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  Tuesday January 27th, 2015    

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Context (05/09/2010)
From: Bill Steidtmann

Adam: Whadaya know for sure?

Bob: It’s all Greek to me.

Adam: Some of it’s Hebrew.

Bob: I just got a set of Greek flashcards to help me. They’re the “Basics of Biblical Greek Vocabulary Cards”, by William D. Mounce, and Zondervan.

Adam: Oh, I can hardly wait to look up my favorite words. Does it have a card for “aion”?

Bob: Yes, it does... Card #128. And on the back there’s a translation, and a number of occurrences.

Adam: Nice. How many times does the word “aion” occur?

Bob: Zero.

Adam: What?!

Bob: Apparently “aion” isn’t in the Bible.

Adam: Then why is there a flashcard for it?

Bob: HA! Just kidding! I can’t believe how easy it is to deceive you, I wasn’t even trying that hard.

Adam: I’m glad to hear that you can’t.

Bob: Okay, it says “aion” occurs one hundred twenty-two times in the New Testament.

Adam: And pray tell, what does Dr. Mounce say that it means?

Bob: On the back it reads: “age, eternity”.

Adam: So, according to the good doctor, some words have two meanings.

Bob: Yup, I guess that settles it. I mean, he’s a Greek expert, and you’re not.

Adam: Or maybe you’ve made an Appeal to Biased Authority.

Bob: How so?

Adam: He does stand to gain financially by defining it that way.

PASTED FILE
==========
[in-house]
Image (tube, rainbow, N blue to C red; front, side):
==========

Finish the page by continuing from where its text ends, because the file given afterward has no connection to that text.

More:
Bob: He probably just wants respect.

Adam: Exactly. Because if you believe what I do, religious people will hate you, sinners will love you, and you won’t make any money at it. Just like Jesus.

Bob: What is that to me? You’re the heretic here.

Adam: Yeah, me and Paul. So, tell me, when encountering the word “aion” in a Bible passage, how does the non-heretic decide whether to translate it as “age” or “eternity”?

Bob: Context.

Adam: What in the context determines it?

Bob: If I get to live forever, then it means “eternity”, otherwise not so much.

Adam: Even if someone else has to burn for that same eternity?

Bob: That’s just the way it goes. They had their chance and they blew it. I can’t help them.

Adam: You could if you gave up eternal life in exchange for aionian life.

Bob: That’s stupid. Why would I do that?

Adam: Maybe by losing your life you’ll gain it.

Bob: Not a chance. Now you tell me, how would you decide which way to translate it?

Adam: I would probably take out a black marker and draw a line through the word “eternity” on the back of that flashcard.

Bob: And your decision is based on what?

Adam: Context.

Bob: Context? You don’t even have a context. What Bible passage are you talking about?

Adam: All of them. That way, when I consider a statement like “If the wages of sin is eternal Hell, then Jesus has not paid the wage.”, I won’t have to embarrass myself by inadvertently implying the conclusion.



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